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Is working on these two commercials together ruining our relationship?

Tagged as: Big Questions, Dating, Family, Troubled relationships, Trust issues<< Previous question   Next question >>
Question - (29 August 2015) 4 Answers - (Newest, 31 August 2015)
A female age 26-29, anonymous writes:

I've been dating my boyfriend for two years. He is a film major and I am in art school.

This year, my uncle offered us a job doing 2 commercials for a product. its been going poorly and ruining our relationship. My boyfriend feels as if he is doing all the work. Since he knows film and writing scripts, I've been having a hard time keeping up.

For one of our commericals, he essentially took over and filmed the entire thing. For another commercial, I'm in charge of designing sets. I've never done this before and it's going incredibly slowly. Not only this but its not even looking good and i'm forced to say that i dont think it will work out.

My boyfriend started yelling at me. Saying i will never be successful in life, that i will never have a job like my successful friends because i never take initiative and that i can never expect to get anywhere in life.

not only this, but he wants the money that we were paid back because i essentially did nothing for the first commercial.

i've told him that i honestly dont know what to do and that he's not helping when i need help. he thinks its an issue of me being half assed and not committing. i insist that its not my skill set, that i dont know what to do or how to handle it.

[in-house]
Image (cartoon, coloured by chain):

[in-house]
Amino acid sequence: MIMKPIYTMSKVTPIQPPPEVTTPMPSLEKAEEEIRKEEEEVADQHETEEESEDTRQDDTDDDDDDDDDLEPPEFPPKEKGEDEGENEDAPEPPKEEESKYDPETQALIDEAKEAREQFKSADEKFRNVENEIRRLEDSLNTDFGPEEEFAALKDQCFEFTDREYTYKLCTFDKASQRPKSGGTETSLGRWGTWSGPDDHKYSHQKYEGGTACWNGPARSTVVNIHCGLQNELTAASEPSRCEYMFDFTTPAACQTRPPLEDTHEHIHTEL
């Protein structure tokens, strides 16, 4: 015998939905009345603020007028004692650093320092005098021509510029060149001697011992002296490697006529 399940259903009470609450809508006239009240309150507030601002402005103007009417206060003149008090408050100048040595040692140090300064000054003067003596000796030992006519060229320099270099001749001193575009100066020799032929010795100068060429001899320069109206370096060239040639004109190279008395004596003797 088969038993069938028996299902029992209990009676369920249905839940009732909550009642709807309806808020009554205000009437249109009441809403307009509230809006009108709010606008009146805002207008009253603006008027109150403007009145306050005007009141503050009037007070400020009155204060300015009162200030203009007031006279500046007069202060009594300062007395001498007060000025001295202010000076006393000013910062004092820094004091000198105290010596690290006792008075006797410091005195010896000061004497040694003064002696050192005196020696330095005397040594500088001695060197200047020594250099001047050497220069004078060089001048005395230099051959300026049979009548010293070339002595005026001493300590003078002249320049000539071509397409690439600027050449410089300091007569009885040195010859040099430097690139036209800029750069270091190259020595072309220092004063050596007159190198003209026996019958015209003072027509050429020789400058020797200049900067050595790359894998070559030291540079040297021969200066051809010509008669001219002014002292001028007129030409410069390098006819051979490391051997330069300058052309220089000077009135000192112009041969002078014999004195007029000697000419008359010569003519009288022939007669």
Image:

everything i do isn't turning out the way he envisioned. i'm afraid of letting my uncle down and now i'm afraid of losing money i already spent on rent.

this is hurting my self esteem and i really dont know what to do at this point

View related questions: money, self esteem

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A male reader, Denizen United Kingdom +, writes (31 August 2015):

Denizen agony auntI disagree with previous submissions that you shouldn't take on jobs for which you aren't qualified. In fact you should always challenge yourself in artistic work. You should always be working outside your comfort zone. That's how you progress.If you fall flat, you learn the lessons and don't repeat them.

Your uncle gave you an opportunity, and you took it. Good for you. However your partner has been less than helpful.

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A male reader, anonymous, writes (31 August 2015):

To be honest you should not have taken on a project that you obviously have no clue what to do in. You should have taken a commission for getting him the job but left him alone to do tbe project, to be frank no wonder he got mad, he's obviously stressed because he's been lumped with all the work when he thoight it would be shared between two equally anf on top of that you're getting paid half. It's unfair.

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A male reader, WiseOwlE United States + , writes (30 August 2015):

It might have been an better idea that you didn't take on a project you know you didn't have the skills and qualifications for in the first place.

You could have let your uncle know that you don't have any training in any of the areas you were assigned. Although your boyfriend was aptly qualified to handle his part. So you could have taken on lighter duties. You were trying to prove something, and couldn't. You bit off more than you could chew, simply to be with your boyfriend. Hoping it would be fun or romantic. It wasn't. The moment you knew you couldn't do it, was when you should have quit; or asked for help.